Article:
Raja Muhammad Sarwar

Captain Raja Muhammad Sarwar Bhatti (Urdu: راجہ محمد سرور بھٹی; b. 10 November 1910 – 27 July 1948) NH, BS, best known as Muhammad Sarwar,[1] was a military officer in the Pakistan Army who was cited with the first Nishan-i-Haider for his gallant and actions of valor during the first war between India and Pakistan in 1947–48.[2

Raja Muhammad Sarwar Bhatti was born in a small village, Singhori, that was located in the vicinity of the Gujar Khan Tehsil, Rawalpindi District, Punjab, British India in the British Indian Empire on 10 November 1910, according to his tombstone.[3] He was a military brat whose father, Raja Muhammad Hayat Khan Bhatti, was enlisted in the British Indian Army, retiring at the rank of Havildar, a Sergeant.[3] His family hailed from a Muslim-caste of the Punjabi Rajput tribe.[1]

He was educated in government-run schools in Rawalpindi District and secured his matriculation from a local school in Faisalabad in 1928.[3] After graduation, he followed his father, Sgt. Muhammad Hyatt, path and enlisted in the British Indian Army in 1929 as a Sepoy (Pvt), where he was posted with the 2nd Battalion of the 10th Baloch Regiment (2/10th Baloch Regiment) of the Baloch Regiment {present 7th Battalion The Baloch Regiment (Steadfast Battalion)}.[3] From 1929 until 1939, he worked hard towards reaching one of the highest enlisted ranks and was eventually promoted as the AIB Subedar (the Warrant officer-first class (WO-1) as present in the Pakistan Army) and posted in supply and ammunition with the Service Corps in 1939.[3]

In 1939, WO-1 Sarwar was invited to attend the Indian Military Academy in Dehradun and completed his military training before gaining a commission in the 2nd Battalion of the 1st Punjab Regiment (2/1st Punjab Regiment) of the British Indian Army in 1943.[3] In 1944, 2nd-Lt. Sarwar briefly served in Burma, serving with distinction in the military operations in 1944–45 that earned him the Burma Star by the British administrations in Delhi in India.[4]

In 1944, 2nd-Lt. Sarwar was posted in an administrative position in the Punjab Regiment — he was promoted as Lieutenant in 1945–46.[3] In the British Indian Army personnel accounts, Lt. Sarwar was known to be “a serious man with no-nonsense and deeply religious who would practice his religion, Islam, devotedly and offered five prayers every day, first offering the prayer before sunrise and concluding with the very last midnight prayer.”[3]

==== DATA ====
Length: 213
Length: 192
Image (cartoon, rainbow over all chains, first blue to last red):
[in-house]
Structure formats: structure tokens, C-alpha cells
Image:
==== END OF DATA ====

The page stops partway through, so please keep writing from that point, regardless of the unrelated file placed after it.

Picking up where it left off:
In 1946–47, Lt. Sarwar was promoted as an army captain and decided to attend the signal course before Capt. Sarwar was recommissioned in the Pakistan Army Corps of Signals in 1947, and directed towards attending the Military College of Signals.[3] After hearing the news of the first war between India and Pakistan over Jammu and Kashmir, Capt. Sarwar immediately wanted to volunteer but refrained due to his officers wanted him to complete his schooling on the military signals, which he completed after a year.[3] In 1948, Capt. Sarwar took over the command of the 2nd Battalion of the Punjab Regiment of the Pakistan Army as its commanding officer and was deployed on the frontline.[5]

A march towards the Uri town of the Jammu and Kashmir was commenced under Capt. Sarwar, and led an attack on the organized Indian Army’s troops, forcing them to retreat from Gilgit-Baltistan to Ladakh on 26 July 1948.[4] Capt. Sarwar’s company followed the retreated Indian Army’s troops to the Uri region where his unit faced off the strongly fortified enemy position located in the Uri sector.[4] His company was only 50 yards away from the fortified enemy position as the Indian Army’s soldiers begin their mortar shelling at his positions and received instructions on leading the attack on the left side of the bunker where the shelling was taking place.: 88[6] Moving towards the new position, his passage was blocked due to the barbed wires, and decided to move to cut the wires with only taking six men alongside.: 88[6] During the firefight, Capt. Sarwar used the bolt cutter to cut their barbed wires and due to the downpour of shelling, taking a bullet with machine gunfire.: 89[6]

On 27 July 1948, Capt. Sarwar was killed while clearing the passage– he was 38 years old at the time of his death.: 188[7]

Nishan-e-HaiderRaja Sarwar ka Nishane Haider

The body of Capt. Sarwar is buried at the Hill of Tilpatra which is near the Uri in Indian Kashmir where he was buried on 27 July 1948.[3] It was on 23 March 1956 when the Government of Pakistan recognized his services as the Parliament of Pakistan authorized to posthumously award the Nishan-E-Haider (Eng. lit. Emblem of the Lion) for his meritorious services, which was awarded to him by the President of Pakistan.[2][9][8] The Presidential Nishan-e-Haider citation on his grave is written in Urdu; and its reads with translation as:

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